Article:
Bespoke beauty that’s affordable? Meet the future of skincare...
Cassie Steer, Beauty Editor At Large
Things are getting personal in beauty. From a wider range of foundation shades to campaigns fronted by models of every size, the industry is finally recognising our differences – and that’s spilling over into skincare, too
‘Just as we all have different body shapes and metabolisms, our skin is also very different, with some of us being intrinsically better at holding onto water whilst others are more predisposed to oiliness, for example,’ says Harley Street dermatologist and Clinique Derm Pro, Dr Emma Wedgeworth. ‘One of the first things I advise my patients to do is to make sure they personalise their regimes to their skin’s individual needs.’ The best way to champion your skin’s individuality? Get to know it a little better.
‘Most skin types fall into sensitive, dry, normal or oily categories, but there is often an overlap between them – which makes it difficult for people to determine what their main skin characteristic is. It’s often hard to tell just by looking, so in the clinic I tend to ask my patients about the behaviour of their skin instead. For example, does your make-up tend to slide off after a few hours of applying it? In which case it’s probably on the oily side. Or do you notice fine lines starting to appear by the end of the day? In which case it’s more likely to be on the dry side.’
Thanks to a wealth of information online, and brands starting to take their lead from consumer needs, we’re all becoming a little savvier and a lot more demanding. As well as ‘dry’ or ‘oily’, we’re now expecting our face creams to deal with the pigmentation on our forehead and the fine lines around our eyes at the same time (loading the dishwasher would be great, too).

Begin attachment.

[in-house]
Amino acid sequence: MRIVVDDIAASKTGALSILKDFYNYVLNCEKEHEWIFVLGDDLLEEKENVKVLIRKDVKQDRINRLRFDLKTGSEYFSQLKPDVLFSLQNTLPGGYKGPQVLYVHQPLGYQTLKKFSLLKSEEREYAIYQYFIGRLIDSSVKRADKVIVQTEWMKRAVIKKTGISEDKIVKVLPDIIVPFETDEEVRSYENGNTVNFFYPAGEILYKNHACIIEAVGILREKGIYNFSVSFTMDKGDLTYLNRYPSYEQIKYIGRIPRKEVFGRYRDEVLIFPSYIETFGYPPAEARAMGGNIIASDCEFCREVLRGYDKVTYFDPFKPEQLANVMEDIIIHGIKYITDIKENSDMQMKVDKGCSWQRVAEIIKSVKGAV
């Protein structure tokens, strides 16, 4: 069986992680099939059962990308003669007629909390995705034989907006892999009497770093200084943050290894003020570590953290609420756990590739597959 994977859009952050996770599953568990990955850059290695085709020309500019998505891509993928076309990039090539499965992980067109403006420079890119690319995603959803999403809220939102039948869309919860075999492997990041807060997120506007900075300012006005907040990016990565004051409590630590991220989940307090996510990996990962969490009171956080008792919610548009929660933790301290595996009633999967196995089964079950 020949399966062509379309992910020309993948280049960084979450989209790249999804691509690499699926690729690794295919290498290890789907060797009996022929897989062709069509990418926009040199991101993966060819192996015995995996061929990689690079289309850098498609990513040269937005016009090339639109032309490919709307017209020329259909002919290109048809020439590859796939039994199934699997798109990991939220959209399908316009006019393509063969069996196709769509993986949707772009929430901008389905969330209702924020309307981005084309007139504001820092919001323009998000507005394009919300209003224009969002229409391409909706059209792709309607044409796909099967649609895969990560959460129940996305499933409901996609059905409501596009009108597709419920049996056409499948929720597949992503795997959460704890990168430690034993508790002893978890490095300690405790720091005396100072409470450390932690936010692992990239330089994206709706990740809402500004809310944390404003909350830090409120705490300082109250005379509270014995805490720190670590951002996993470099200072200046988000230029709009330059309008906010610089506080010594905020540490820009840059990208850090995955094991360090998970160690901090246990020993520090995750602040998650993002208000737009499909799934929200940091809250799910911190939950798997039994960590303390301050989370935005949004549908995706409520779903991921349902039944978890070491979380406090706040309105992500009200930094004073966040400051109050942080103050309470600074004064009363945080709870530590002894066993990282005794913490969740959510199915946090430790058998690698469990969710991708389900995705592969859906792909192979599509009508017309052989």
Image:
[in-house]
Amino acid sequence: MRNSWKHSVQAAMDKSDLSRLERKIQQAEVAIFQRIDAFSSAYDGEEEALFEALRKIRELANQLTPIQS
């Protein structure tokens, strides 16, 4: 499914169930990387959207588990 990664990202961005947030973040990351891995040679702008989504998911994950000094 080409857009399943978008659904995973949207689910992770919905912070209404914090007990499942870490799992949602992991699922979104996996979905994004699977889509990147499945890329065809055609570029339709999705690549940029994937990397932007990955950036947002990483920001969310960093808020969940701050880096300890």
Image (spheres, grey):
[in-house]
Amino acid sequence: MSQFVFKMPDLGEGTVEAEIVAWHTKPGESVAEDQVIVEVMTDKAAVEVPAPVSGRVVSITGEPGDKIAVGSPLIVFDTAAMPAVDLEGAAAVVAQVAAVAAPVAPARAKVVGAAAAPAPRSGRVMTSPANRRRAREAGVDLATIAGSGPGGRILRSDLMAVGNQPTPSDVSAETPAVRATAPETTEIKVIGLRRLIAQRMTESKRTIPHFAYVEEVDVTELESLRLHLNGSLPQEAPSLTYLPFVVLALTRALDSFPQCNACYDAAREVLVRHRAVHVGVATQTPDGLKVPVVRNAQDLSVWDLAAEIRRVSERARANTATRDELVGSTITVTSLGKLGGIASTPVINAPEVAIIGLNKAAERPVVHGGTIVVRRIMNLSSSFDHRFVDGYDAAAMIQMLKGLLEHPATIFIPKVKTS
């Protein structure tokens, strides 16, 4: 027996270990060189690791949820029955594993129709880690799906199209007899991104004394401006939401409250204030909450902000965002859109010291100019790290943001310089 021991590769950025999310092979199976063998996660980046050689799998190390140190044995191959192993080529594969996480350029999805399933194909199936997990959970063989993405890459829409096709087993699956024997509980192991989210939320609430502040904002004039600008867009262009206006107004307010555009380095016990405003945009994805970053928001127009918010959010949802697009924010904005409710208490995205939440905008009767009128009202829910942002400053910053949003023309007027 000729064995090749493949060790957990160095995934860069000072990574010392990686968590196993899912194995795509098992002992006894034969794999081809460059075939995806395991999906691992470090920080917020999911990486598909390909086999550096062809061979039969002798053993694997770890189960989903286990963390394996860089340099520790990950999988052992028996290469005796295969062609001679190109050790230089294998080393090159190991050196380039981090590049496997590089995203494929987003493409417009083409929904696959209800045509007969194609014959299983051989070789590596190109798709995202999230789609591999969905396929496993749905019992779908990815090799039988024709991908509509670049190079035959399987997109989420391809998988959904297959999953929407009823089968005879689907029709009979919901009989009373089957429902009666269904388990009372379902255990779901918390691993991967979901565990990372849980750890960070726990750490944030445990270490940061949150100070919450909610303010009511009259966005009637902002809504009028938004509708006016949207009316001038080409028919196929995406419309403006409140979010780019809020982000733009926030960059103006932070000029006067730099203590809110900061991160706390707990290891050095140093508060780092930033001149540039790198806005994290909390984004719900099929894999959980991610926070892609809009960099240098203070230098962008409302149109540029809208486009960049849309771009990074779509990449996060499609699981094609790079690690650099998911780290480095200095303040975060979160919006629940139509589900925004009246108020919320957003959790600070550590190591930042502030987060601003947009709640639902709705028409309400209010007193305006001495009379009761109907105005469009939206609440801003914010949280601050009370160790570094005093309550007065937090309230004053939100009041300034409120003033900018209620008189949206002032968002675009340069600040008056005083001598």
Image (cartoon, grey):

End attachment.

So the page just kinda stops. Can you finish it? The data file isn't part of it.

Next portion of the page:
“It’s so important to respect the unique biology of our skin”
There’s even DNA-optimised skincare, which takes your genetic makeup into account when prescribing products. ‘The point of personalisation in beauty is to allow consumers to express their unique character while offering clear benefits,’ says Senior Beauty Analyst for Mintel, Alex Fisher. But personalisation often comes with a hefty price tag. Or at least it did… cue Clinique iD, a revolutionary made-to-measure skincare concept from one of our best-loved brands.
Mix and match
Like the chicest pick ’n’ mix imaginable, the idea centres on creating your own custom blend in order to match your moisturiser to your skin’s individual needs.
How? Thanks to some rather innovative packaging. Hailing a new era in personalisation, there are five Active Cartridge Concentrates, which slot into three hydration bases for a tailored system, making 15 unique combinations in all. Sound a bit mathematical? It’s as easy as 1, 2, 3.
To find your bespoke blend, pick your preferred hydration base (choose from Dramatically Different Hydrating Jelly, Dramatically Different Moisturizing Lotion or Dramatically Different Oil-Free Gel) before selecting your Active Cartridge Concentrate. If you’re unsure what your ‘Active’ should be, Clinique have broken them down into five concerns. Then it’s just a case of pairing your cartridge – chock-full of targeted actives – with your base.
So whether it’s Irritation, Pores & Uneven Texture, Uneven Skin Tone, Fatigue or Lines & Wrinkles, all skin types are covered. ‘It’s so important to respect the unique biology of our skin by matching our skincare to its individual needs, and these needs can change over time,’ says Dr Wedgeworth. ‘We often forget that the skin is a dynamic organ, so we need to compensate for what’s going on in our lives – whether that's giving it more hydration after a long flight or when it’s been subjected to cold weather, for example, or tackling pigmentation post-summer.’
And that’s the beauty of being able to swap your actives and hydrators to meet the changing needs of your complexion. The result is a customised combination as unique as you, whilst being free from parabens, fragrance and phthalates – a bit like giving your skin a couture wardrobe with all the convenience (and affordability) of pret-a-porter. The future of skincare? Watch this (personal) space.